Editorials

Kansas Legislature’s limited agenda: Fix the budget, do no harm

These three people will play a big role in Kansas’ upcoming legislative session: House Speaker Ray Merrick, Gov. Sam Brownback and Senate President Susan Wagle.
These three people will play a big role in Kansas’ upcoming legislative session: House Speaker Ray Merrick, Gov. Sam Brownback and Senate President Susan Wagle. The Associated Press

State legislatures usually begin a new session with big plans and diverse agendas. But not Kansas, not this year.

Almost everything is on hold until lawmakers complete their one essential task: Fix the budget.

Kansas is beyond broke. The gap between expenses and revenues for the rest of this year and the next is close to $900 million. Lawmakers and Gov. Sam Brownback must close it by finding new sources of revenue or cutting expenses.

The responsible course is to improve the revenue stream. Options include rolling back devastating income tax cuts, eliminating state income tax deductions and closing off some sales tax exemptions.

Further cuts are simply not feasible. Many essential state functions, like child protection services, are showing the stresses of being underfunded.

It would make a world of sense for the state to expand Medicaid eligibility limits. Not only would 150,000 working Kansans receive access to affordable medical care, the state would gain about $400 million a year in federal funds — a sure-fire economic stimulus.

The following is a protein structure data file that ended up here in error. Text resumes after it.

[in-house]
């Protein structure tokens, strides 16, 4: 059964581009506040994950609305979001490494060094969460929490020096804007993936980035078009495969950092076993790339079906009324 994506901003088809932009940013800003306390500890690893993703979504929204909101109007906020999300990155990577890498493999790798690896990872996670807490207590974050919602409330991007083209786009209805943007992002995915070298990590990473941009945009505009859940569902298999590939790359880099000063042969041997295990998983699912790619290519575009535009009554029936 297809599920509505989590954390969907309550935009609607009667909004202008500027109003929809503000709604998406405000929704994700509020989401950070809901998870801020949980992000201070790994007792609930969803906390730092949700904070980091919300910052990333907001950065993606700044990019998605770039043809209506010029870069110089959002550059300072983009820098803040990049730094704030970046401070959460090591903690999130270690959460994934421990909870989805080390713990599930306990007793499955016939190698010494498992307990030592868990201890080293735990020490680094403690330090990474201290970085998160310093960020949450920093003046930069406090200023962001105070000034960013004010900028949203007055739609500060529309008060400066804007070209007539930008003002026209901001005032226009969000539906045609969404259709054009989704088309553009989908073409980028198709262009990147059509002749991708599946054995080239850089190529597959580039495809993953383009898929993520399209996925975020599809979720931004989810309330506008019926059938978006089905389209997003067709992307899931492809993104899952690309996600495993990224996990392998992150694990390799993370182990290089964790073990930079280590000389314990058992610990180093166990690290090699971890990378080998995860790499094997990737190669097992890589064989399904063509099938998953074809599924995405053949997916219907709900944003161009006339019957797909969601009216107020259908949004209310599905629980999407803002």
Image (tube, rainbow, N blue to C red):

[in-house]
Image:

Sadly, the Legislature can do little this session to move Kansas forward. But it could still do some damage.

Conservatives will likely try to roll back a law requiring utility companies to acquire 20 percent of electricity from renewable sources by 2020. That standard has boosted wind energy and other “green” sources in Kansas, and it’s good for air quality. The push to repeal it comes mostly from Koch Industries of Wichita, which deals in petrochemicals.

It would be refreshing if legislators would avoid attempts this year to discriminate against gay Kansans and further restrict constitutional access to abortion services. Lawmakers have enough on their plates.

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